Because, when you see the world through the racial-Marxist lens of critical race theory, all of these backwards and bigoted practices make perfect sense. If white people are inherently-privileged oppressors, then it makes perfect sense to treat them differently and to shame them and to degrade them based on the colour of their skin. If all people of colour are inherently-oppressed victims who will forever be at the bottom of a racial power hierarchy and forever subject to a racial prejudice that is so deeply rooted in the unconscious mind of every white person, then of course it makes perfect sense to enforce a “safe space” for coloured children only, to play free from the threat of the white people.
I will tell you: two wrongs do not make a right. I can think of no better rebuttal to the practice of critical race theory than these words from MLK Jr:
“Hate cannot drive out hate; only love can do that.”
Now there is without a doubt plenty of real racism out there, and it should be fiercely opposed and combatted whenever and wherever it is encountered. But the practice of critical race theory does nothing to combat actual racism. Conversely, it perpetuates racial prejudice and division by refusing to accept that societal progress beyond a focus on racial differences is even possible. It makes certain that irrelevant racial differences are always at the fore, leaving the truly relevant matters of personal character as a secondary consideration.
Here is Dakota’s Super-Quick Guide to “What is Racism?”™, alright?:
Do you make judgements or decisions based on the colour of someone’s skin?
Yes —> That is racist :(
No —> Congratulations! That is not racist :)
Does that make sense to you?
Unfortunately, where I live in Canada, the adoption of critical race theory (or as I’ve explained, racial marxism) as objective fact — rather than a deeply-flawed and unidimensional ideology that in practice perpetuates racial divisions — has been near universal, with very little if any pushback. It’s already being freely taught and practiced in our schools, and forthcoming legislation such as Ontario’s Bill 67, titled the Racial Equity in the Education System Act, seek to institutionalize the precepts of critical race theory as a mandatory practice in our schools. I’ll add that it’s one thing to try pushing critical race theory on adults, but it’s another level of loathsome to force this skewed and prejudicial ideology on our children.
Many Canadians have sadly embraced critical race theory, without realizing it for the wolf in sheep's clothing that it is — they have fallen prey to this hijacking of what it means to be anti-racist. The Canadian people want to be nice, they want to stand against racism, and they certainly do not want to face the smearing and ostracism that comes from being too critical of the twisted critical race theory worldview that is presented as the gospel truth.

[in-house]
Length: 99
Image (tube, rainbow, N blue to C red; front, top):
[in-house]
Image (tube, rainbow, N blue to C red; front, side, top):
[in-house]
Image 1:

So in these circumstances, what can you do if you’re rightly concerned about critical race theory spreading into nearly every element of our society?
Well first, you can reject the lie. Don’t go along with it. Don’t bow to the mob that demands your acceptance of their false premises and your compliance with their twisted worldview. You can stand your ground. And embody the truth. Live your life in reality where racial judgement and discrimination, for any reason, is wrong — and exemplify that in your own daily living.
Second, you can fight back against the racist ideologues who want to push this vile and divisive worldview on you and your children. Get in touch with your elected representatives. Get involved in your schools and communities. Stand firm in opposing legislation that enforces critical race theory, such as Ontario’s Bill 67. Educate others, and don’t be afraid to stand up and to speak out.
I for one, in my own life’s dealings will treat you based not on the colour of your skin, but on the content of your character.
If you believe that no one should be singled out, or taught to feel more or less than anyone else due to the colour of their skin, or punished for their inherent “subconscious” racism, then please go to StopCRT.ca and sign our petition. We are calling on all provincial governments — which hold jurisdiction over public education — as well as the federal Canadian government to 1) stop all legislation that enforces the instruction and practice of critical race theory in our schools and other government institutions — such as Ontario’s Bill 67 — and 2) introduce legislation banning the instruction and practice of critical race theory in our schools and other government institutions.
Critical race theory is a poisonous, bigoted ideology, cloaked behind the thin and false veil of “racial equity” and “anti-racism”. It serves only to fuel hate and perpetuate racial division — and it must be stopped.
Please do sign and share our petition, again at StopCRT.ca.